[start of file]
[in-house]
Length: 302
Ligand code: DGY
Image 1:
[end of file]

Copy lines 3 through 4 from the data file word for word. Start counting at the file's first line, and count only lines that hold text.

Ligand code: DGY
Image 1: